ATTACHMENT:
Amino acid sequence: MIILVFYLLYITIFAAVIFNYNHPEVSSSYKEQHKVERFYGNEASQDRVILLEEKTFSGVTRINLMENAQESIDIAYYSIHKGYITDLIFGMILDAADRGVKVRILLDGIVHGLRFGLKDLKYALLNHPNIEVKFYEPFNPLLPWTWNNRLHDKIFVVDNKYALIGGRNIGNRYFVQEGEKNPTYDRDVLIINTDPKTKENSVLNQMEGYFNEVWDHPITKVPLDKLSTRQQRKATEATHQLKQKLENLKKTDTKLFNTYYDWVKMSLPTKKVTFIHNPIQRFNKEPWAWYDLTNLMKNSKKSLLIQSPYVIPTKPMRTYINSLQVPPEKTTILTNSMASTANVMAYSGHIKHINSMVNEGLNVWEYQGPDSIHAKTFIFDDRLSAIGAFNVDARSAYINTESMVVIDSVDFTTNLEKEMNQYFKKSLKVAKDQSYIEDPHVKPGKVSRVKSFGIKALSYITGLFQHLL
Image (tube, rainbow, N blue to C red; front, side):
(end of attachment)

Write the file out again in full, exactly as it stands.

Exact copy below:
Amino acid sequence: MIILVFYLLYITIFAAVIFNYNHPEVSSSYKEQHKVERFYGNEASQDRVILLEEKTFSGVTRINLMENAQESIDIAYYSIHKGYITDLIFGMILDAADRGVKVRILLDGIVHGLRFGLKDLKYALLNHPNIEVKFYEPFNPLLPWTWNNRLHDKIFVVDNKYALIGGRNIGNRYFVQEGEKNPTYDRDVLIINTDPKTKENSVLNQMEGYFNEVWDHPITKVPLDKLSTRQQRKATEATHQLKQKLENLKKTDTKLFNTYYDWVKMSLPTKKVTFIHNPIQRFNKEPWAWYDLTNLMKNSKKSLLIQSPYVIPTKPMRTYINSLQVPPEKTTILTNSMASTANVMAYSGHIKHINSMVNEGLNVWEYQGPDSIHAKTFIFDDRLSAIGAFNVDARSAYINTESMVVIDSVDFTTNLEKEMNQYFKKSLKVAKDQSYIEDPHVKPGKVSRVKSFGIKALSYITGLFQHLL
Image (tube, rainbow, N blue to C red; front, side):